Friday, February 26, 2010

I've been meaning to...

As I'm writing this entry, I'm wondering if I'll even have time to finish it. So much to do and so many times I've jumped on the computer to write a post, then something always whisks me away. It's not a terrible thing for this to happen, I suppose, as it's just my life and it takes priority. Well, it's not just my life either. It's also the life of our six-year old daughter, a hard working husband and a plethora of chooks.

Speaking of which, I have a few photos of my barnevelders. Actually, I think they're a barnevelder crossed with a welsummer, although they were sold to me as a pure breed at the time. This was the earlier picture I took last year, when they were only a few weeks old. Those two in the picture, turned out to be hens - one was red and one more ginger-blonde.



They are quite docile. Adorable in fact. You can pick them up as they scratch for food near your feet. On the other hand, they can be quite flighty when they want to be too! Their eggs are a lovely dark brown colour, but one girl lays a really spotchy coloured egg. I don't have a decent picture of the eggs yet, but this is the ginger-blonde girl, we named Penny...all grown up!



Her sister we named Jenny. So they are Penny and Jenny - shouldn't be too hard to remember I hope. Their two brothers had to get the chop, unfortunately, as they were terribly aggressive and we couldn't have that. Not this boy though, remember him...



We decided to name him "Alfred" after all this time. He just seemed to carry himself like a dignified Alfred, strutting around the yard - head held high, like most Araucanas do. Well, I've gone and crossed him with our two barney girls, who share Hilltop coop with him and two other araucana hens.

The eggs are due out of the incubator in a day or so. I know - terrible aren't I; for not writing something about it sooner? What can I say...I've been having fun learning how to Homeschool and not spend money, LOL. The only reason I have time now is due to the fact our daughter is having a few days sleep-over at her Nan's.

We missed her terribly yesterday. So much so, Dave and I had a sudden urge for chocolate and fatty food all day. Okay, so we were working hard in the garden too, but most of the day we both wanted something deep fried and covered in chocolate. It took me until the late afternoon to realise, we were missing our girl. The food was our compensation for the void I think.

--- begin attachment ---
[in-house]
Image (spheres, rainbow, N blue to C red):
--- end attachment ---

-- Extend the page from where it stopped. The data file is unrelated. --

Upon speaking to her on the phone later that night, she too confessed tears that day, all because she missed us too. Awwwh...

How are we going to be when she leaves home for good? I'm surprised how much we miss her now. I'm longing for those hundred questions and hugs and kisses we have every morning. I want a big squishy hug right now. And this folks, is why most of my days are spent wondering if I have the time to blog. Life with my family under wing, is amazing. My daughter is amazing for all the things she gets me to do. My husband is amazing for not complaining about all the crazy stuff we do too, LOL.

How do I convey that all in a post? Believe me, I try to, but then something always calls me away. Like the recyclables I should be taking to the transfer station right now. I've put it off for three weeks already, LOL. I promised myself I would do that today. Hang on a minute...



...back again! Did you miss me? Of course not, LOL, what just took me 30 minutes to drop off three bags of recyclables at the transfer station, and two bags of clothes at the thrift shop bin, can appear mere seconds in cyber space. But I just had to run out and do that - it was bugging me. I wasn't going to miss another week.

Perhaps due to the fact, in part, that we've been increasingly busy in the garden. More ramp digging, feeding and mulching the fruit trees, seed collecting and something recently which broke our no spend year. Ooops! I guess we were compensating for our daughter's absence and spent just over a hundred dollars at the nursery. If we were going to break our no spend challenge though, then I'm glad it was on plants. When you buy a fruit tree, you're buying it's lifetime of food production for your family. Or when you buy flowering trees and shrubs, you're also buying it's lifetime of food production for the eco-system it will be planted in.